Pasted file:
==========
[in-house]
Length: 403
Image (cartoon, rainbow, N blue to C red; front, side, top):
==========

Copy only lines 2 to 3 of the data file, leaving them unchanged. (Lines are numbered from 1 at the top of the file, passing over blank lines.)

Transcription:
Length: 403
Image (cartoon, rainbow, N blue to C red; front, side, top):